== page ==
We're all Floridians now. First impressions from a week down south

As climate change threatens to replace tepid summers with scorchers, and the proportion of the West's population over 65 rises to one fifth within the next decade, many countries will arguably begin to look a lot like Florida.

But what does Florida look like now, and just what makes those Floridians tick, and will they want to use a social networking service? These questions, and many others, are making up the agenda for this week's activity as we explore Boca Raton, Fort Lauderdale and Miami.

I'm making this trip as background to the Longevity Fund and for some ongoing consulting projects that Fordcastle has, together with my colleague Emily Lutzker, the force behind OpenInvo, who's also go some clients interested in launching products in this space. We've joined forces to meet, greet and extract data, insights and new ideas from some of the highly educated, opinionated and generally switched on folk who have made this year-round sunshine state their home.

The next couple of posts will include some tips and tricks that have come up from the trip, meanwhile, here are some nuggets from Day 1.

  • Seniors love to learn, and to teach. We gave a short presentation today to the Institute for Learning in Retirement (ILIR) in Boca Raton as a taster of what our session will be later in the week, and I was blown away by the enthusiasm and activity of all the seniors to learn more about a vast array of topics of the lessons that will be taught (by their peers) this semester, from China's foreign policy, through opera to car maintenance. There's lots of untapped knowledge and experience that is valuable and worth unlocking.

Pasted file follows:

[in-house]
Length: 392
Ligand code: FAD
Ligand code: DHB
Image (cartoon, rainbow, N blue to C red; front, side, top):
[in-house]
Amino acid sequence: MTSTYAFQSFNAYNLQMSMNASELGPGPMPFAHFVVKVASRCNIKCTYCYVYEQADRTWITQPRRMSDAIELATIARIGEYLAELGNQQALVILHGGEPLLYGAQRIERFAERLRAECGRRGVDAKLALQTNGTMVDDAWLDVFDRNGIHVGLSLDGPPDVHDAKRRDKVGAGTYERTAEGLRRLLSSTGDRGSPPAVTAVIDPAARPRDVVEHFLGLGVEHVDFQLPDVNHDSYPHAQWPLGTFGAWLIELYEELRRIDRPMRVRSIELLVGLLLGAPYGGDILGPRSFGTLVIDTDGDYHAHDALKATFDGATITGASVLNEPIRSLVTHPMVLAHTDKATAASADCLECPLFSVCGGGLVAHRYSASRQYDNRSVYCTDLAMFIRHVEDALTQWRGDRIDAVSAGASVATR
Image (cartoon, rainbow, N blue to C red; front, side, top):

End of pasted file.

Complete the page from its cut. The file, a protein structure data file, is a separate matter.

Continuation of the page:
• Retirement communities will be the norm. I can see people move into gated communities at an ever earlier age, as it's a rather easy way of life. The facilities we saw were tremendous, ranging from a 600-person auditorium through gym rooms and swimming pools, but the community interaction is the main draw.

  • There seem to be an opportunity for a local social network for elders. A social network for elders seems to make a lot of sense, but rather than a general one like Eons, there seems to be an opportunity to make if relevant with local information, and potentially could be sensitive, so private groups are the best. Announcements for the activities in the community would be a natural usage, as would pictures from friends and family.

  • Mixed age communities are important. One of the places we looked around was a very well organized housing association, started 20 years ago, but had seen demand for their facilities peak 10 years ago (e.g. was impossible to get a slot on the tennis court). Now, much fewer people were playing tennis or using the pool, so the investments in the facilities wasn't as efficient.

  • Lose the black on the HiFis. The seniors we spoke too were very upfront about their needs and desires, and someone pointed out that the black hifi boxes are annoyingly designed, with the small buttons hard to distinguish.

  • Workshops and tools are important. As people move into retirement communities they often leave behind their toolshed, and don't find much to replace it where they arrive. Having tools available for older men with time on their hands, for example to use in a program repairing toys for local schoolchildren (thanks Geri L), could be a win-win for all concerned.

More updates from what is already turning out to be a fascinating trip over the coming days.

[Update: Emily's post on her OpenInvo blog here]


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